The NIH illegally exempts every single foreign lab in every foreign country from having any type of oversite like this, even though the federal law that was written in 1985 says any animal laboratory getting money from the NIH has to have this type of oversight. So our lawsuit that we filed against the NIH says that you’re illegally exempting foreign laboratories from key oversight that prevents animal abuse, that prevents wasteful spending, that prevents bio-safety incidents. It’s basically a free-for-all in these foreign countries in these labs where money is going to them from U.S. tax payers and they’re not required to adhere to the same rules that domestic labs are required to adhere to. And this opens up the door for all kinds of waste and abuse especially in countries that don’t have our best interests in mind like Russia and China.


One of my favorite projects that you’re working on is a federal bill called the AFTER Act which stands for Animal Freedom from Testing Experiments and Research. And there’s another name for the bill too… Violet’s Law. Violet is a coonhound who was used in experimental research until she was rescued. Sweet, gentle Violet…photos of her just make me melt… was forced to participate in two different government funded experiments and when she completed the second experiment she was given up for adoption. Is it promising that Violet’s Law will become law? And are you seeing any tides of change at the government level when it comes to using dogs for research?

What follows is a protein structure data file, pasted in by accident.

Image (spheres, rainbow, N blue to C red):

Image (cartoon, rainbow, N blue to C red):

Yeah absolutely. There’s reasons to be optimistic about all of that. To start with Violet’s Law, back in 2017 there were states that were passing these lab animal retirement laws, yet there was no federal policy addressing this issue. So even though most of these laboratories that were using dogs in experiments are federally funded or doing federally-mandated animal testing, there was no federal policy or law governing what would happen to animals when experiments were done. The Animal Welfare Active is silent on that issue. All federal policy essentially wasn’t addressing it.